I have 15+ years experience with several programming languages(C++, C#, Java, PHP), last 4 years of them with Laravel. My last project was a huge content site with 45 localizations and about 10 millions unique visitors per day. After participating in this project I decided to write this book.
Book describes the evolution of typical web project architecture, when project grows step by step by making changes in architecture, like moving some parts to own layers, improving error handling and maybe rethinking the ways how to store data.
eBook in Leanpub - $11.99
eBook in Amazon - $11.99 - free Kindle sample available
Paperback in Amazon - $19.99
I have worked with a lot of projects which was written by usual "everything in controller" way and when they become to grow their support complexity grows exponentially. Every project had the same illnesses: Copy-paste driven development, God classes, etc. Modern frameworks offers a lot of features to implement functionality super-fast, but when project grows almost all these "optimizations" becomes a big pain for developers. In the same time there a lot of dogmas, like SOLID and others, which described very abstractly and becomes some kind of cargo cults. "if project has 100% code coverage by unit tests, it has super code quality", "if project doesn't have static methods, it's well organized", etc. Someone very clever said: Software Engineering Is Art Of Compromise. Some of these dogmas have very important exceptions. Some of them easy to misunderstand.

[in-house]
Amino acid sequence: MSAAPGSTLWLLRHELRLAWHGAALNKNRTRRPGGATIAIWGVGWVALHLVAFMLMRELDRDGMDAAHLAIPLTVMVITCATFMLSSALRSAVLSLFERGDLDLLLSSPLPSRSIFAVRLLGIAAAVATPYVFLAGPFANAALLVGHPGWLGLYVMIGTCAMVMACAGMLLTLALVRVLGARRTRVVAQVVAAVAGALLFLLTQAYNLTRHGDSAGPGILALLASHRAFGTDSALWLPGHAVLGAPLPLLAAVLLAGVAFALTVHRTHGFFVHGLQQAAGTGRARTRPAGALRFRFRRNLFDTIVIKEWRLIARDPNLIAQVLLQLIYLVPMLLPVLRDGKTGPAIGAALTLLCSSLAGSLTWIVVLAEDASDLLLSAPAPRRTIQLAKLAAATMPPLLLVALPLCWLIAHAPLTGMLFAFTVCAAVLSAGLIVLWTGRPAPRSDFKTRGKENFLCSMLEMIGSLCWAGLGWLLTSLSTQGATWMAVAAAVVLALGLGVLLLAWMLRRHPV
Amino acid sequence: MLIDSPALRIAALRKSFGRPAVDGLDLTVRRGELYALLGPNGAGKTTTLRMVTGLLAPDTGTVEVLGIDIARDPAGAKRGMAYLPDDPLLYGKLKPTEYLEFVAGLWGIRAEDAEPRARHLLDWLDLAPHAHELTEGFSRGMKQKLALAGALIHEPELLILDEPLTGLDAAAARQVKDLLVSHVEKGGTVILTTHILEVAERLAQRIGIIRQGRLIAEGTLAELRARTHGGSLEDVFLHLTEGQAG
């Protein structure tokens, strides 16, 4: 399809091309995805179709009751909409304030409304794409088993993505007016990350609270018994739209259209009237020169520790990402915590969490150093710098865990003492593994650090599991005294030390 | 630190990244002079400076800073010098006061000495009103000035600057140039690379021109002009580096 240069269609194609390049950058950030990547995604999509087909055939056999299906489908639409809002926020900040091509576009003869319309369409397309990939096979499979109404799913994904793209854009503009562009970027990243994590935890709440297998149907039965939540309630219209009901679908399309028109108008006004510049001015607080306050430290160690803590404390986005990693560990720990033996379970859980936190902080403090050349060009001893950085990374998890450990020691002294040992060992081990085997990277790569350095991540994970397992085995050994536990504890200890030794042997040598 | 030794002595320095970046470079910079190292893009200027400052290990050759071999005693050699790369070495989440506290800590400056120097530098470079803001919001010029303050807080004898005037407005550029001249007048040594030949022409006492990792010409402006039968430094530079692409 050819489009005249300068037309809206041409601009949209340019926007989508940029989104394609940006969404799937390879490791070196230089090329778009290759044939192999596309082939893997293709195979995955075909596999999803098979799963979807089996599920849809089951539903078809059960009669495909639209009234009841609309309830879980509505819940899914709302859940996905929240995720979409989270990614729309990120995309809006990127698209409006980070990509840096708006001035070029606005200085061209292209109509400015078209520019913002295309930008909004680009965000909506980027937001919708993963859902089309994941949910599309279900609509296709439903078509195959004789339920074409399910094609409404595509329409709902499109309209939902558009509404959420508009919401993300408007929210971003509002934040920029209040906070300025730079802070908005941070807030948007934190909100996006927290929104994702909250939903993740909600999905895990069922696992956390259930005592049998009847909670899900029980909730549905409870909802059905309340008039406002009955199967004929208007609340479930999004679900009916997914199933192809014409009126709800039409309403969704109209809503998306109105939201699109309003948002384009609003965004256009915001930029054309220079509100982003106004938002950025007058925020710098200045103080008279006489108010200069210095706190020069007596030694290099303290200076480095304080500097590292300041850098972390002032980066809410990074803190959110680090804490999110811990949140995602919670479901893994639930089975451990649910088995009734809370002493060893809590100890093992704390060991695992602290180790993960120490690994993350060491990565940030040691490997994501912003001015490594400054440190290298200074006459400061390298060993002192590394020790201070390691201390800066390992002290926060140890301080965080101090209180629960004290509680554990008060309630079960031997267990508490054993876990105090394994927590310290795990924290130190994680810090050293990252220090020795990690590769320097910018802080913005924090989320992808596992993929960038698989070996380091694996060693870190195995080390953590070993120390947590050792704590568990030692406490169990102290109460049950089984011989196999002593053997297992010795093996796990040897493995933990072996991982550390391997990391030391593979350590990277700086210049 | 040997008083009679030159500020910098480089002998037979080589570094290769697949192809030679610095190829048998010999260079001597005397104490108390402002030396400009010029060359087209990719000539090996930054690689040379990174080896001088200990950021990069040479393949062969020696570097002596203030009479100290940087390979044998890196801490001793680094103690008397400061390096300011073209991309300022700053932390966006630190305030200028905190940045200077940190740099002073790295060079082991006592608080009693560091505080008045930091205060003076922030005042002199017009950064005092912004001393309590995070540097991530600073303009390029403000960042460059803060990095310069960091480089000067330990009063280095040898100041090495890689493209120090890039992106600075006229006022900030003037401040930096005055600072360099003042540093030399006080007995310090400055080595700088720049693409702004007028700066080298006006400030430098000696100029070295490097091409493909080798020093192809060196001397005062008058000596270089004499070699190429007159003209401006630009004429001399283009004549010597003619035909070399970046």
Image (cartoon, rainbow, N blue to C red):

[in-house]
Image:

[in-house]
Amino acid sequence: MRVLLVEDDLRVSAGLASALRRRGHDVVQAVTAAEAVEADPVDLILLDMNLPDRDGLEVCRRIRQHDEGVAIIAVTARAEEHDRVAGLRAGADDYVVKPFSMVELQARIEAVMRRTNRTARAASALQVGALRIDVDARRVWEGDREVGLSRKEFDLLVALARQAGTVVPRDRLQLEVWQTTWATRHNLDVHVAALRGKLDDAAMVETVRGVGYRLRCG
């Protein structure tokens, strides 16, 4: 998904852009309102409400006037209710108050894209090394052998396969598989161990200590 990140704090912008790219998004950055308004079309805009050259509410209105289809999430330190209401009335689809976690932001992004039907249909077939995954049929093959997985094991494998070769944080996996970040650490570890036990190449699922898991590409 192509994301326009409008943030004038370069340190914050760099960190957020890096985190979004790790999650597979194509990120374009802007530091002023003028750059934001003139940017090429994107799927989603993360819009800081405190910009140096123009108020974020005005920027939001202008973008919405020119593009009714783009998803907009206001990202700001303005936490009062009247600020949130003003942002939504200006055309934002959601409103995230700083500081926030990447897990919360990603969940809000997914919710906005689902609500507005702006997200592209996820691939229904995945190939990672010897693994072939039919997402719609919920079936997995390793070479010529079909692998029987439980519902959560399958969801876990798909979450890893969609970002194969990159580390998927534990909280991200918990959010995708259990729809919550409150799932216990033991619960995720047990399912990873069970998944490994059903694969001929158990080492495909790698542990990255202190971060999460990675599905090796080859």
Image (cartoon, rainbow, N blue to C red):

In this book I'm going to analyze usual project with common mistakes. How implementing new requirements can decrease code quality. Then step by step I'll show how I usually refactor the code: extracting classes, using DI, using exceptions. How this refactoring consequences moving to layered architecture. After moving to layered architecture we will talk about pro and contras of Command Query Responsibility Segregation(CQRS). After CQRS it's hard to don't talk about Event Sourcing(ES).
I'll use examples in Laravel, but it's not very important. The book is about framework-agnostic code.